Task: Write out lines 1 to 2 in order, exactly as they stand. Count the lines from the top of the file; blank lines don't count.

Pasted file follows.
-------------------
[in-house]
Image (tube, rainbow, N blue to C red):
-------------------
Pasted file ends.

[in-house]
Image (tube, rainbow, N blue to C red):